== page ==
Courses that currently fit into the Health, Environment, Science, and Technology thematic track:

  • HS 211 American Environmental History
  • HS 222 Global Environmental History
  • HS 251 Global Histories of Disability
  • HS 258/CL 258 Volcanoes, Fire, and Flood: Disasters of Ancient Rome
  • HS 308 Medieval Bodies
  • HS 314 Disasters in American History
  • HS 326 The Black Death in Global Perspective
  • HS 342 Health and Illness in Latin America
  • HS 490 Seminar: Environmental History in Latin America
  • HS 498 Seminar: Histories of Intellectual disabilities

Law, Politics, and Society Track

Law and politics have long been key components of traditional historical narratives. At their core, these topics help us to discuss the ideals, attempts at self-definition, and power structures of societies over time. Although legal and political institutions may at times appear as (or may be presented as) imposing, impersonal, and static structures, they are often important points of interaction between the ideas individuals and groups have about their societies and the difficulties of realizing those ideas. The skills practiced in the study of law and politics help us to contextualize, examine, and engage with the issues confronting society today. Especially those who wish to pursue careers in law, business, advocacy, and public service would benefit from this track. Some general topics covered in courses of the law, politics, and society track include: the formation and exercise of law, political structures and imbalances of power, especially involving gender, sexuality, race, and disability, the effects of colonial and post-colonial discourses, political advocacy and agency, ideology, and the formation of identity.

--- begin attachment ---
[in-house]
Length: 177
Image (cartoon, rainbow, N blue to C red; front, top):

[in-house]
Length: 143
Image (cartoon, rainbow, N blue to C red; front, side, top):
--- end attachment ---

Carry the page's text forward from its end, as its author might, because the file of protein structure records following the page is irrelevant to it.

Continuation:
Courses that currently fit into the Law and Politics thematic track:

  • HS 220 Colonial Africa
  • HS 221 Africa in the Age of Globalization
  • HS 226 Introduction to the Modern Middle East
  • HS 228 Peace and War in Ancient Rome
  • HS 232 Law, Lawyers, and Litigants in European History
  • HS 233 Communism: A Global History
  • HS 234 The French Revolution and Napoleon
  • HS 237 History of the Soviet Union
  • HS 241 Revolutionary America
  • HS 242 Our Rights: A History of Civil and Human Rights Law in America
  • HS 243 The Civil War and Reconstruction
  • HS 250 Introduction to Islamic History
  • HS 251 Global Histories of Disability
  • HS 253/CL 253 Death of the Roman Republic
  • HS 254/CL 254 History of Christmas
  • HS 256/CL 256 Gladiators and Roman Spectacles
  • HS 257/CL 257 The Golden Age of Athens
  • HS 261/CL 261 The Multicultural Roman Empire
  • HS 275/CL 275 History of Ancient Greece
  • HS 317 Germans in Africa, Africans in Germany
  • HS 319 Nazi Germany and the Holocaust
  • HS 340 Policing and Borders: Race, Violence, and Empire in U.S. History
  • HS 373 Contesting Empire: Nationalism and Decolonization in the Afro-Atlantic World
  • HS 382 Crime and Punishment in Latin America
  • HS 391 The Middle East in the Media
  • HS 396 The Modern Middle East through Film
  • HS 462 Seminar: the U.S. in the 1960s
  • HS 481 Seminar: Ethnicity and Political Violence in Modern Africa
  • HS 492 Minority Identity and Citizenship in the Modern World
  • HS 498 Seminar: Histories of Intellectual Disabilities


What's New

Visit Student Planning for a list of the courses offered by the History department in Fall 2023. Students wishing to register for a closed (full) course must visit the Academic Advising Website and submit a course override request form (the link will be on the page under Fall 2023 Course Override Requests) requesting an override. Please do not submit your request directly to the course instructor or to the Department Chair. All course overrides are reviewed by the department chair and are only approved if there are extenuating circumstances. The override request will not be processed if there is a time conflict with your existing schedule, you do not have 6th course permission from your advisor, or if there is a financial hold on your account.